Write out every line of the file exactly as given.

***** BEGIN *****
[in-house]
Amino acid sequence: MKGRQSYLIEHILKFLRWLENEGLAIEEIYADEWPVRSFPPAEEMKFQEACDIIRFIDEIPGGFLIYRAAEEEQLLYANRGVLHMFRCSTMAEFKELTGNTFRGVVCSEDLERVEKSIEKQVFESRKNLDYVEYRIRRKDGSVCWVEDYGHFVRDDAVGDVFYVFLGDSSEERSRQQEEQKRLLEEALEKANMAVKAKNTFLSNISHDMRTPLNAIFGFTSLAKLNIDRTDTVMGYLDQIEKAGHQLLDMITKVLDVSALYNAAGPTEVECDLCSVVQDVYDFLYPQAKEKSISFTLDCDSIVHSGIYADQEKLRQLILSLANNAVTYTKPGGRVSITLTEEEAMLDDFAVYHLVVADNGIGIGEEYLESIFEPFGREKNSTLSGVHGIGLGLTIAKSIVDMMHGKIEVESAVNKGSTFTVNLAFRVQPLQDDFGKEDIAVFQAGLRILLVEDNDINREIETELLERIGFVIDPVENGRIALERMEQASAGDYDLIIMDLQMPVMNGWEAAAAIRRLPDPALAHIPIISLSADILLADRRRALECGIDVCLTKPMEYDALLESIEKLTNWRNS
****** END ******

[in-house]
Amino acid sequence: MKGRQSYLIEHILKFLRWLENEGLAIEEIYADEWPVRSFPPAEEMKFQEACDIIRFIDEIPGGFLIYRAAEEEQLLYANRGVLHMFRCSTMAEFKELTGNTFRGVVCSEDLERVEKSIEKQVFESRKNLDYVEYRIRRKDGSVCWVEDYGHFVRDDAVGDVFYVFLGDSSEERSRQQEEQKRLLEEALEKANMAVKAKNTFLSNISHDMRTPLNAIFGFTSLAKLNIDRTDTVMGYLDQIEKAGHQLLDMITKVLDVSALYNAAGPTEVECDLCSVVQDVYDFLYPQAKEKSISFTLDCDSIVHSGIYADQEKLRQLILSLANNAVTYTKPGGRVSITLTEEEAMLDDFAVYHLVVADNGIGIGEEYLESIFEPFGREKNSTLSGVHGIGLGLTIAKSIVDMMHGKIEVESAVNKGSTFTVNLAFRVQPLQDDFGKEDIAVFQAGLRILLVEDNDINREIETELLERIGFVIDPVENGRIALERMEQASAGDYDLIIMDLQMPVMNGWEAAAAIRRLPDPALAHIPIISLSADILLADRRRALECGIDVCLTKPMEYDALLESIEKLTNWRNS